Fed proposes simpler big bank regs; CFPB to tackle unfair lending
Receiving Wide Coverage ...
Less stress: The Federal Reserve announced a set of proposals that would make it easier for big banks to pass annual stress tests, but would increase capital requirements for some of the biggest and most complex banks. Capital requirements for the eight largest banks deemed systemically important would stay the same or “in a few cases, increase,” while big banks below that tier that don’t do business abroad, would see their required capital levels stay the same or be reduced slightly. Big banks would need to meet 14 capital-related requirements under the proposals, down from the current 24. Wall Street Journal, Financial Times, American Banker
“A stubborn standoff” threatens passage of the bipartisan bank regulation reform bill that was passed by the Senate last month. The man in the middle is Rep. Jeb Hensarling, R-Texas, the chairman of the House Financial Services Committee, who “has so far been unwilling to sign off on the Senate bill unless it includes a list of about 30 bipartisan House bills he wants to add.”
Wall Street Journal
To the Hill: Mick Mulvaney, the acting head of the Consumer Financial Protection Bureau, said the agency’s enforcement division would continue to police lending discrimination. “This will make enforcement and supervision more efficient, effective and accountable,” Mulvaney said in his prepared remarks for his congressional testimony Wednesday and Thursday, which he will use to “outline his strategies for overhauling the bureau and his regulatory agenda for the coming months.”
It's a stretch: A growing number of homebuyers are spending more of their income on mortgage payments, “the latest sign that rising prices are making homeownership more difficult for a broad swath of potential buyers.” Borrowers spending more than 45% of their incomes on mortgage and other debt payments accounted for about 20% of new loans made in the second half of 2017, the highest percentage since the housing crisis and nearly triple the percentage made in 2016 and the first half of last year, according to CoreLogic.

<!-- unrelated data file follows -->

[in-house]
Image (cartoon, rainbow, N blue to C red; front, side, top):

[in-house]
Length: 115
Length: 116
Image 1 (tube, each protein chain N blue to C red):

Not interested: New Jersey Gov. Phil Murphy’s idea of to start a state-owned bank gets a harsh reception from one critic. “An inescapable defect of a bank owned by the state of New Jersey and its municipalities is that there will be no wall to protect prudent financial management from political and social-policy considerations,” reader Ryan Graham writes in a letter to the editor. “Add New Jersey’s record of corruption to political and social tinkering with bank management and New Jersey’s taxpayer guarantors — fuggedaboutit.”
Counting down: Valdis Dombrovskis, the European Commission’s top financial services official, is warning that time is running out on a project to fortify the euro area’s banking system. Individual countries have been debating the details of a plan to guarantee bank deposits across the area and other issues.
New York Times
No more guns: Bank of America said it will stop lending to firearms manufacturers that make military-style guns for civilian use. The move is “the latest example of Wall Street wading into the divisive gun control debate after Citigroup’s announcement last month that it would require business customers to restrict certain types of firearms sales.”
Winning: The finance industry will be the biggest long-term winner from last year’s tax reform law, thanks to the law's “dramatic reduction of the corporate tax rate,” according to a report by Ernst & Young to be released this week.
“Our regulatory measures are most effective when they are as simple and transparent as possible, and this proposal significantly simplifies our capital regime while maintaining its strength.” — Federal Reserve Vice Chair for Supervision Randal Quarles.